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What Is Posthumanism? (PostHumanities)by Cary Wolfe
Synopses & Reviews
What does it mean to think beyond humanism? Is it possible to craft a mode of philosophy, ethics, and interpretation that rejects the classic humanist divisions of self and other, mind and body, society and nature, human and animal, organic and technological? Can a new kind of humanities-posthumanities-respond to the redefinition of humanity's place in the world by both the technological and the biological or "green" continuum in which the "human" is but one life form among many?
Exploring how both critical thought along with cultural practice have reacted to this radical repositioning, Cary Wolfe-one of the founding figures in the field of animal studies and posthumanist theory-ranges across bioethics, cognitive science, animal ethics, gender, and disability to develop a theoretical and philosophical approach responsive to our changing understanding of ourselves and our world. Then, in performing posthumanist readings of such diverse works as Temple Grandin's writings, Wallace Stevens's poetry, Lars von Trier's Dancer in the Dark, the architecture of Diller+Scofidio, and David Byrne and Brian Eno's My Life in the Bush of Ghosts, he shows how this philosophical sensibility can transform art and culture.
For Wolfe, a vibrant, rigorous posthumanism is vital for addressing questions of ethics and justice, language and trans-species communication, social systems and their inclusions and exclusions, and the intellectual aspirations of interdisciplinarity. In What Is Posthumanism? he carefully distinguishes posthumanism from transhumanism (the biotechnological enhancement of human beings) and narrow definitions of the posthuman as the hoped-for transcendence of materiality. In doing so, Wolfe reveals that it is humanism, not the human in all its embodied and prosthetic complexity, that is left behind in posthumanist thought.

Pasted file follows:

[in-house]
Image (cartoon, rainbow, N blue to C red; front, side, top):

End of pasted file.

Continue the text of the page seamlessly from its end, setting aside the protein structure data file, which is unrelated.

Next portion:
Book News Annotation:
In this book, Wolfe (English, Rice University) outlines a theoretical and philosophical approach to a world in which "human" is merely one form of life along a technological and biological continuum. The author distinguishes posthumanism from transhumanism, and reveals that humanism is what gets left behind in posthumanist thought. Wolfe's posthumanist readings of works including Temple Grandin's writings, the poetry of Wallace Stevens, and the architecture of Diller and Scofidio show how a posthumanist sensibility can transform art and culture. Annotation ©2010 Book News, Inc., Portland, OR (booknews.com)
About the Author
Cary Wolfe is Bruce and Elizabeth Dunlevie Professor of English at Rice University. He is the author of Critical Environments: Postmodern Theory and the Pragmatics of the “Outside” (Minnesota, 1998) and Animal Rites: American Culture, the Discourse of Species, and Posthumanist Theory, and the editor of Zoontologies: The Question of the Animal (Minnesota, 2003).
Table of Contents
Introduction: What Is Posthumanism?
Part One: Theories, Disciplines, Ethics
1. Meaning and Event, or, Systems Theory and "The Reconstruction of Deconstruction"
2. Language and Subjectivity: Cognitive Science, Deconstruction, and The Animal
3. Flesh and Finitude: Bioethics and the Philosophy of The Living
4. "Animal Studies," Disciplinarity, and the (Post)Humanities
5. Learning from Temple Grandin: Animal Studies, Disability Studies, and Who Comes After the Subject
Part Two: Media, Culture, Practices
6. From Dead Meat to Glow-in-the-Dark Bunnies: The Animal Question in Contemporary Art
7. When You Can't Believe Your Eyes (Or Voice): Dancer in The Dark
8. Lose the Building: Form and System in Contemporary Architecture
9. Emerson's Romanticism, Cavell's Skepticism, Luhmann's Modernity
10. The Idea of Observation at Key West: Systems Theory, Poetry, and Form Beyond Formalism
11. The Digital, the Analog, and the Spectral: Echographies from My Life in the Bush of Ghosts
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